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Christian worldview and new creation

by Alan Bandy
Rowena R. Strickland assistant professor of New Testament & Greek at Oklahoma Baptist University

“Something is wrong.” Those very words often send a shiver down our spines. A report comes from the doctor who utters those dreadful words “something is wrong. . . it’s cancer.” A child in a dusty African village awaits a slow death as he lies on the ground with a bloated stomach, swarmed by flies and dying of starvation . . . “something is wrong.” The coast of Japan is devastated by a massive tsunami causing a large swath of death with continued problems due to nuclear toxic waste leaking into the ocean and poisoning all life within . . . “something is wrong.” When we look at all the images of fallen sinfulness and global brokenness, we cannot help but sigh deeply within and say “something is wrong.”

According to a biblical worldview, God also looks upon his good and glorious creation and says “something is wrong.” Yet the story does not end there, because God Himself will repair, redeem, and renew creation from all the disastrous effects of sin and the curse (Rev. 22: 1-4). The Christian worldview not only explains what is wrong, but it also tells us where we are headed by answering the question: “What is our destination?” The answer to this question may be found in the scriptural teachings about the New Creation.

The creation account of Genesis emphasizes the goodness of all the created order with the repeated refrain “it was good” (Gen. 1:10, 12, 18, 21, 25, 31). When Adam and Eve disobeyed God’s command regarding the tree of knowledge, it impacted the entire created order and subjected humanity and the Earth to the tyranny of sin (Gen. 3:17-19; Rom. 8:19-22). God, however, promised a seed or offspring from the woman who would crush the head of the serpent (Gen. 3:15). Generations later, God made a covenant with the descendants of Abraham on Mt. Sinai and gave them His Law to obey (Exod. 24). The problem is that Israel failed to keep the Law because their hearts were sinful and needed to be made new.

Jesus Christ inaugurated a new covenant through His death and resurrection. At His last Passover meal with His disciples, Jesus said “this cup is the new covenant in My blood, which is poured out for you.” (Luke 22:20) The author of  Hebrews tells us “but in fact the ministry Jesus has received is as superior to theirs as the covenant of which He is mediator is superior to the old one, since the new covenant is established on better promises.” (Heb. 8:6). The resurrection of Jesus not only secured our salvation, but also inaugurated the new covenant and initiated the first step of the new creation.

The apostle Paul understood the importance of the new covenant and the indwelling Spirit as bringing about the new creation through salvation. In the context of the new covenant and Christ’s reconciling work, Paul describes the transformational nature of salvation by stating, “Therefore, if anyone is in Christ, the new creation has come: The old has gone, the new is here!” (2 Cor. 5:17) He also reminds the Galatians, “For neither circumcision counts for anything, nor uncircumcision, but a new creation.” (Gal. 6:15) This means that God’s redemption of creation begins in the lives of people who are set free from the curse, penalty and dominion of sin through the work of Christ. The new creation has already begun with believers who are made new by the Holy Spirit and are producing His good fruit in their lives.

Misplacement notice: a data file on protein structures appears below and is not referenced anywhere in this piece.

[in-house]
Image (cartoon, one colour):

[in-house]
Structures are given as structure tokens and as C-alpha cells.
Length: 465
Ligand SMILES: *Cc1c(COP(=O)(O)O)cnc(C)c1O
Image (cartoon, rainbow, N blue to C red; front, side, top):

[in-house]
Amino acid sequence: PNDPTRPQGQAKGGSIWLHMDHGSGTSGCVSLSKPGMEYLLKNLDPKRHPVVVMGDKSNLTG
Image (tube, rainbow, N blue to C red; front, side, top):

While God has already begun His work of new creation through the salvation of individual people, God will completely redeem all of the created order through the consummation of the new creation. Paul tells us that all of creation groans in longing expectation for the time when Christ returns and the people of God are glorified bodily (Rom. 8:19-21). The longing of creation to be liberated from the tyranny of sin will be fully satisfied at the end of the age when Christ “makes all things new.” (Rev. 21:5).

In light of all this, Christians have a hope that extends to every aspect of life in this fallen world. All of history is moving toward the new creation that God has planned. This new creation has already begun with the new life of the believer who can live in freedom from the control of the fallen sinful nature (Romans 6). What is more, when we consider our fragile economy, presidential elections, wars and natural disasters, we need not fear or worry. We can know that God is in control and in the end, He will make everything right, and we will partake of the new creation.

When we get to the end of the story, the words “something is wrong” will never be uttered again because the creator God has fixed His fallen and broken creation. John the apostle sees the final restoration of creation when he writes:

“Then I saw a new Heaven and a new Earth, for the first Heaven and the first Earth had passed away, and the sea was no more. . .  And I heard a loud voice from the throne saying, ‘Behold, the dwelling place of God is with man. He will dwell with them, and they will be His people, and God Himself will be with them as their God. He will wipe away every tear from their eyes, and death shall be no more, neither shall there be mourning, nor crying, nor pain anymore, for the former things have passed away.” (Rev. 21:1-4)

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